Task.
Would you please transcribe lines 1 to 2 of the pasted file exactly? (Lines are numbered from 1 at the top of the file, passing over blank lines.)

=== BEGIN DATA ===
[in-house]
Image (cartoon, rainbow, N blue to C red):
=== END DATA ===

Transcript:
[in-house]
Image (cartoon, rainbow, N blue to C red):